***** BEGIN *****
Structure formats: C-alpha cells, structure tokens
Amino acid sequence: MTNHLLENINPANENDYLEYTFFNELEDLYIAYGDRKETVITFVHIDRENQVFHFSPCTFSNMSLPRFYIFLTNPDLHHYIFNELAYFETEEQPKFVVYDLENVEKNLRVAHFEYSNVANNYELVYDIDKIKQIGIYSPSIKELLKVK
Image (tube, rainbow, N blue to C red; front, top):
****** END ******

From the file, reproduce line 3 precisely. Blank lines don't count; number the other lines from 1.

Image (tube, rainbow, N blue to C red; front, top):